Some species of starfish swallow their prey whole instead, and break down everything from within.  Either way, we believe this particular oyster menace should be given Number Three (#3) on our Ten Most Wanted List.

Stay tuned for more unbelievable oyster threats, leading up to the Number One (#1) enemy of our beloved oysters.

Top Ten Most Wanted, Continued (#4 and Counting)

(This post is part of our blog series that deals with Pearls International’s take on social and environmental responsibility. For more information on how Pearls International gives back, please click here.)

This week’s seemingly harmless offender has a very interesting method of preying on oysters and other mollusks.

Sea Snail Most Wanted Poster

4) Sea Snails
Snails such as the “Atlantic Oyster Drill,” “Common Whelk,”and “Moon Snail” are some of the most creative predators of the oyster and other mollusks. Don’t let their harmless reputation fool you, these killers are dreaded by oysters and oyster farmers alike. Their drill-like tongues, called “radula” are studded with sharp teeth. They bore into the shell of the oyster, releasing acidic enzymes that help soften the shell as they drill. Once the drilling is complete, they extract and eat the meat inside of the shell. If you have ever seen a piece of shell or mother-of-pearl with small holes in the surface, it is likely that they were caused by one of these assailants.

Who knew those cute little snails were so deadly?  For sheer originality, the “Atlantic Oyster Drill” and the rest of its Sea Snail Gang earn the Number Four (#4) spot on our Ten Most Wanted List.

Stay tuned for more unbelievable oyster threats, leading up to the Number One (#1) enemy of our beloved oysters.

Top Ten Most Wanted, Continued (#5 and Counting)

(This post is part of our blog series that deals with Pearls International’s take on social and environmental responsibility. For more information on how Pearls International gives back, please click here.)

Today’s installment brings us to the next oyster criminal – meet the Flatworm.

Flatworm Most Wanted Poster

5) Flatworms
These are tiny offenders, growing only to a length of about one inch. They are hard to see because of their size and usually near transparent color, and that’s a good thing, because once you get a good look at them they are truly gross.  Flatworms have an appetite for the meat of the oyster and gain access by slipping their small, translucent bodies in between the oyster’s two shells, proceeding to feast on the live oyster from the inside!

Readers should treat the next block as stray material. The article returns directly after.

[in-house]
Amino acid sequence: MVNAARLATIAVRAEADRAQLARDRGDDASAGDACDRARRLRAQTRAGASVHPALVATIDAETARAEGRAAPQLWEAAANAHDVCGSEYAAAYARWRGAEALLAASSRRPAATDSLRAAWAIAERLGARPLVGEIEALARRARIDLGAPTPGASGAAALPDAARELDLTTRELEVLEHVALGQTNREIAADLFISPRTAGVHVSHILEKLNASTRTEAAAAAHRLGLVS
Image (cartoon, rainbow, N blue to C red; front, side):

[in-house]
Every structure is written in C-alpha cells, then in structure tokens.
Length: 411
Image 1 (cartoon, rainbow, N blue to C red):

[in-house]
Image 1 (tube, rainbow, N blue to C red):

Interestingly enough, intruders similar to the flatworm are more likely to cause an oyster to produce a pearl than the legendary “grain of sand.”  The oyster tries to prevent the worm from eating him by coating him with consecutive layers of an egg-white substance called “nacre” that crystalizes on the worm.  This puts a stop to the discomfort and forms a tiny pearl, however, only one in 15,000 of these type of natural pearls are high enough quality to go on the market.

Flatworms try to eat the oyster and themselves become a pearl – we like that reversal, however the audacity of trying to eat someone from the inside earns this breed a Number Five (#5) on our Ten Most Wanted List.

We hope you have enjoyed the information so far!  Stay tuned for more unbelievable oyster threats, leading up to the Number One (#1) enemy of our beloved oysters.  You wouldn’t believe what some oysters go through to deliver their beautiful pearls!

Top Ten Most Wanted, Continued (#6 and Counting)

(This post is part of our blog series that deals with Pearls International’s take on social and environmental responsibility. For more information on how Pearls International gives back, please click here.)

Many of the predators we’ve talked about in this series so far have been known to effect oyster farms and wild oysters much more severely than they do oysters in the protective facilities of pearl farms. This weeks offender is one that even pearl farmers can’t escape, and struggle to protect their stock from.

Barnacles Most Wanted Poster

6) Epibionts
Any organism that lives on the surface of any other living organism, including but not limited to barnacles, is an epibiont. Barnacles, while they appear harmless (and are harmless to many organisms) can damage oyster populations. Excessive barnacle growth on the shell of an oyster can prohibit that oyster from growing and developing properly. If the barnacles grow where the oyster’s shell opens, it can prevent the oyster from opening it’s shell to feed and breathe. Barnacle growth can also cause permanent damage to the shell, causing it to grow lopsided. This is especially detrimental in the pearling business, because a healthy oyster that grows at a consistent rate is key in producing pearls of the best quality.

Since barnacles can attach to anything, including ships, piers and rocks, we wish they would be more considerate about attaching to oysters.  Therefore, Number Six (#6) on our Ten Most Wanted List goes to the Epibionts.

Stay tuned for more unbelievable oyster threats, leading up to the Number One (#1) enemy of our beloved oysters.

Top Ten Most Wanted, Continued (#8 and Counting)

(This post is part of our blog series that deals with Pearls International’s take on social and environmental responsibility. For more information on how Pearls International gives back, please click here.)